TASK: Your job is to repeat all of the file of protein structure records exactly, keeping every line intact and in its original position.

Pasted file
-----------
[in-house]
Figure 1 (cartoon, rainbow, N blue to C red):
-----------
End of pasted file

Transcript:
[in-house]
Figure 1 (cartoon, rainbow, N blue to C red):